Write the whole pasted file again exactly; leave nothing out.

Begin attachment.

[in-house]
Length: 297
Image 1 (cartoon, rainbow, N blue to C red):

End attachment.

[in-house]
Length: 297
Image 1 (cartoon, rainbow, N blue to C red):